Hidden historical British treasures could remain undiscovered because metal pollution has blighted the soil, detectorists have warned.
The passionate hobbyists claim their machines are disrupted by heaps of shredded aluminium and even hypodermic needles while searching UK farms for artefacts.
Detectorists fear the next great historical hoard will forever remain hidden beneath the polluted soil, kept from museums by a layer of metallic waste which is sending search equipment “berserk”.
Tens of thousands of antique items are found each year through metal detecting, with some fortunate finds are worth millions, and boasting huge historical value.
Those passionate about the pastime and its part in British heritage want land laden with waste metal to cleared.
William Hargreaves, a member of the National Council for Metal Detecting (NCMD) who has scoured fields since the 1970s, is concerned about the future of historic finds.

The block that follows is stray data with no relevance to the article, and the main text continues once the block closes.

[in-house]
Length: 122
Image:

He said: “It affects metal detecting in a big way, because of what’s being put on the ground and what’s being done.
“A lot of it is a clinical waste. It’s got a ton of crap in it. Aluminium, bits of cans that look like they’ve been through a shredder, all sorts of bits of metal. You get bandages, gloves and hypodermics.
“You won’t find anything. As soon as you get in the field the detector goes berserk.”
Retiree Mr Hargreaves has also raised concern that geophysical surveys used by archaeologists can be thrown off by the volume of metal in the earth, which shrouds the detection of potentially valuable items. He sees only one solution to the contamination, which he claims is caused by poorly processed compost being dumped on fields.
He said: “The ground will be like this forever unless they dig it up. It has to be stopped.”
The detecting expert believes around two feet of topsoil would have to be scraped from fields to reach a layer free from pollution, and the NCMD has voiced concerns over the impact not only on history in the UK but also ecology.
A National Farmers Union spokesperson responded: “Compost has been used for many years by the agricultural sector as a valuable fertiliser when used safely and in accordance with regulation.
“As well as containing readily available nutrients for growing plants, it offsets the use of manufactured fertilisers while recycling valuable material.”